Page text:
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'91 GL1500 Interstate.

Changed both sets of front pads today and being a bit of a neat freak pulled both calipers for cleaning. That all went well. Re-installed and managed to strip the anti-dive bolt on the right caliper ... major bummer now waiting for that bolt replacement.

Installed speed bleeders on both sides. Bled the left front, then the rear and things are good. Went to bleed the right front and get absolutely nothing from the front master cylinder ... even pulling the banjo bolt at the caliper. Found a thread that said not to let the front master lose all the fluid (too late for that !!) or you have trouble getting pressure back into the line. Found a vague reference to cracking the banjo at the master cylinder ... don't know what that could accomplish, but is that they way to get pressure flowing down to the caliper? Pumped the brake lever many, many times with no results. And yes I had good brake pressure before the pad change.

I'm a little confused on what should be a simple problem and could use a little advise.

If this has been covered ad naseum, just point me to the right thread. :?

Thanks

Pat
 

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is there brake fluid coming out of the caliper when you try to bleed it, cracking the banjo nut and bleeding that first always helped me. if you have fluid coming from the caliper but no pressure behind it you probably still have air in the master cylinder or line. you can also fill the resivoir and leave the bleeder open until you get fluid to run out.
 

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Well ... I started by pulling the bleeder but got no fluid coming out, then pulled the banjo from the caliper and still got nothing. Unless someone has a better idea I may try the reverse method (pushing fluid back to the master from the bleeder) tomorrow.


Right now I'm just stumped.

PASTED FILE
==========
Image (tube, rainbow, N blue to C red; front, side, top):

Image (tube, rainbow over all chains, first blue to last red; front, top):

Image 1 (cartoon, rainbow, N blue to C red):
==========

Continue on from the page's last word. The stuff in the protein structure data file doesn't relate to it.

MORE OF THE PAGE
Thanks

Pat
 

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jpelmer wrote:
Found a vague reference to cracking the banjo at the master cylinder ... don't know what that could accomplish, but is that they way to get pressure flowing down to the caliper?
That will probably work. You can see the clutch banjo bolt bleed instructions & video here: http://www.goldwingfacts.com/goldwingclutchbleeding.htm

It's much the same job for the brake lever.
 

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jpelmer wrote:
Well ... I started by pulling the bleeder but got no fluid coming out, then pulled the banjo from the caliper and still got nothing. Unless someone has a better idea I may try the reverse method (pushing fluid back to the master from the bleeder) tomorrow.
 

Right now I'm just stumped.
 

Thanks

Pat
this has worked for me a couple of times , hose over the bleed nipple and using a syringe , push the brake fluid upwards .

i think you have to hold in the brake lever until you hear the clicking sound .
 

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What a PITA !!



For all you guys able to change brake pads without pulling the caliper, I commend you. Being a lowly garage hack, I didn't see any good way of getting that done. So like the newby I am, I pulled the caliper and disconnected the brake line at the banjo bolt, which of course drained all the fluid from the master.



So, bleed the master at the master banjo (wrapping everything to prevent spills) a couple times to get fluid there. Now bleed the banjo at the caliper (being careful not to spray fluid everywhere or drain down onto the new pads). Do this a half dozen times, THEN you get some pressure building up and are able to work the bleeder properly and get those last bubbles out. Finally got decent pressure and locked things down. Tied the brake handle and going to let it sit over night for that final firming.



As I said ... major PITA !! But maybe I learned ... naw.:dumb:



Pat
 
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